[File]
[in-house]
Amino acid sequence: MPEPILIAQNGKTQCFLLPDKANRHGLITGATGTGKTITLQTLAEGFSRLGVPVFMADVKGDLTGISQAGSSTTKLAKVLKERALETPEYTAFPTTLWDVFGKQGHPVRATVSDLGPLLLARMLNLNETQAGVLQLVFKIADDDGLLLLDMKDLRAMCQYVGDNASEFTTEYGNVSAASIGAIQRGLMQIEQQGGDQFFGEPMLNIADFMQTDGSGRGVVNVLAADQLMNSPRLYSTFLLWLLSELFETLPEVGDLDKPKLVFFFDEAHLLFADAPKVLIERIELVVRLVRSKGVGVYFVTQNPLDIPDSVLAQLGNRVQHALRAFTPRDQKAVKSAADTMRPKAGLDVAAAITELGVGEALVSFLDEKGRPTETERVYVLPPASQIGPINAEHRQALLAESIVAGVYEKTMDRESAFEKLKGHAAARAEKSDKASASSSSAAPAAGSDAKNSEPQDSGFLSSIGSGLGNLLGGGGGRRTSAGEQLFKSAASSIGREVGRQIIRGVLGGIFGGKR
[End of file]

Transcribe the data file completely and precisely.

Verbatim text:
[in-house]
Amino acid sequence: MPEPILIAQNGKTQCFLLPDKANRHGLITGATGTGKTITLQTLAEGFSRLGVPVFMADVKGDLTGISQAGSSTTKLAKVLKERALETPEYTAFPTTLWDVFGKQGHPVRATVSDLGPLLLARMLNLNETQAGVLQLVFKIADDDGLLLLDMKDLRAMCQYVGDNASEFTTEYGNVSAASIGAIQRGLMQIEQQGGDQFFGEPMLNIADFMQTDGSGRGVVNVLAADQLMNSPRLYSTFLLWLLSELFETLPEVGDLDKPKLVFFFDEAHLLFADAPKVLIERIELVVRLVRSKGVGVYFVTQNPLDIPDSVLAQLGNRVQHALRAFTPRDQKAVKSAADTMRPKAGLDVAAAITELGVGEALVSFLDEKGRPTETERVYVLPPASQIGPINAEHRQALLAESIVAGVYEKTMDRESAFEKLKGHAAARAEKSDKASASSSSAAPAAGSDAKNSEPQDSGFLSSIGSGLGNLLGGGGGRRTSAGEQLFKSAASSIGREVGRQIIRGVLGGIFGGKR